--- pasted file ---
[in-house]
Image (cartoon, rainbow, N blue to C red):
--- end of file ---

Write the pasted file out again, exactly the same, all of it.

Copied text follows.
[in-house]
Image (cartoon, rainbow, N blue to C red):